Eugene Cascades & Coast Slowly but surely we are beginning to see fall colors in the Eugene, Cascades and Coast region. Due to a lack of any frosts, the process of peaking is slowing down. A prediction for the fall colors in their peak is early October. Catch some maples turning beautiful colors of yellow, orange and gold.
Cruise down the Aufderheide Scenic Drive to catch some of these emerging colors. Also don’t miss out on the opportunity to drive the Old McKenzie Highway 242 before it closes for the season.
With the activities of summer at rest and the anticipation building for snow flying on the mountains, fall is finally at its peak in the High Desert.
Central Oregon offers Leaf Watchers a place to view splashes of golden yellows, burning reds and oranges and even beautiful shades of purples set among snow-capped mountains and crisp, sunny skies.
Enjoy a leisurely day in Bend starting off with a stroll downtown. A personal favorite spot of mine is on Wall Street, between the Des Chutes Historical Museum and Amity Creek Elementary School, where the variety of vibrant maple trees tower over the street and engulf you in color. Next head to beautiful Drake Park, nestled along the Deschutes River with a peek-a-boo view of South Sister Mountain and autumn trees lining Mirror Pond. Hop on a bike or in your car for a short ride to Mt. Washington Drive to enjoy golden aspens and maples in a spectrum of colors. From there, head down to the Old Mill District and catch the vibrant fuchsia of the burning bush and other deciduous foliage throughout this historic part of Bend. For a more secluded experience awash in fall color, hike or mountain bike along the Upper Deschutes River Trail or Shevlin Park.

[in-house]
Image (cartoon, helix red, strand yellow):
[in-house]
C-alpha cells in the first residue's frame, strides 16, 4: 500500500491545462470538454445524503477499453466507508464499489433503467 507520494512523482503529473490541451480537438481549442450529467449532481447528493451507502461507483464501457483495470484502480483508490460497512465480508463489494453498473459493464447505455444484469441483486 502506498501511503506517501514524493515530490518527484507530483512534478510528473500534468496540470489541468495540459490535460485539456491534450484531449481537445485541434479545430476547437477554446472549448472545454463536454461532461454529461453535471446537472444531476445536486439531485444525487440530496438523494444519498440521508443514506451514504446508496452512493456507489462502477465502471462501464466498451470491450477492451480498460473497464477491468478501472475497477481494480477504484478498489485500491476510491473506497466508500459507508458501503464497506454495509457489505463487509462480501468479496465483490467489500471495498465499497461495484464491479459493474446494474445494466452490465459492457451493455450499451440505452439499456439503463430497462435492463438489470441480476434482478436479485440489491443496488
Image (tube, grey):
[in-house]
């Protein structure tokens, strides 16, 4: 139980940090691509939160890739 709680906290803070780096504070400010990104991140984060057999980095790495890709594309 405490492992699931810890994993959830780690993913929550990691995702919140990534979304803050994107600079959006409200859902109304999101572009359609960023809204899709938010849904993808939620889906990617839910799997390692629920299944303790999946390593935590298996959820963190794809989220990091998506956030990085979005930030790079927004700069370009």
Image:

Take the opportunity to travel on Highway 242 before November 1st when it closes for the winter. The loop tour taking Hwy 20/Hwy 126/Hwy 242 offers views of powerful waterfalls and brilliant fall colors contrasting against a volcanic landscape and can be enjoyed along this Scenic Byway when traveling in or out of Central Oregon.
Old growth, deep-green Douglas fir populate much of the Cascades, so as I made my way to Opal Creek Wilderness this weekend, I did a lot of peering into the understory. The Clackamas follows the northern portion of the West Cascade Scenic Byway and the drive along the river’s shore is restorative…splashy sounds, hyper oxygenated riffles, white rapids that give me goosebumps, even from a distance. The most striking foliage is still gathering force, although cherry-red vine maples and gold-colored oak have begun to peek out here and there.
My resource at Mt. Hood Vacation Rentals tells me that nights up around Rhododendron have just started getting cool – down around the 40’s. That and sunny days are the recipe for the most spectacular leaves. She estimates that in the next week or so, colors will really start to change as you head towards Mt. Hood.
Opal Creek is a gem of a destination. But, I had a lot of great choices. I might have gone around the mountain for a day on the Infinity Loop and returned home on the Historic Columbia River Highway. I might have chosen to continue south with a drive into Oakridge that would have included a mandatory stop at the Brewers Union Local 180. Taking the byways in autumn means there are no wrong turns…just a lot of beautiful road in every direction.